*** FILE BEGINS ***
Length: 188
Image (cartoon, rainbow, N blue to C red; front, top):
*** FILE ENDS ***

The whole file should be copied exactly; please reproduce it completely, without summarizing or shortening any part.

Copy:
Length: 188
Image (cartoon, rainbow, N blue to C red; front, top):